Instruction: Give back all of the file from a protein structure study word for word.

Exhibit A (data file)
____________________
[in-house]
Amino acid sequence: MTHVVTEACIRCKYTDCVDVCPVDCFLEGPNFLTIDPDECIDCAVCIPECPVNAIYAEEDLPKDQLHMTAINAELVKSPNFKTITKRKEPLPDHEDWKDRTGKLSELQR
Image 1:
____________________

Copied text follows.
[in-house]
Amino acid sequence: MTHVVTEACIRCKYTDCVDVCPVDCFLEGPNFLTIDPDECIDCAVCIPECPVNAIYAEEDLPKDQLHMTAINAELVKSPNFKTITKRKEPLPDHEDWKDRTGKLSELQR
Image 1: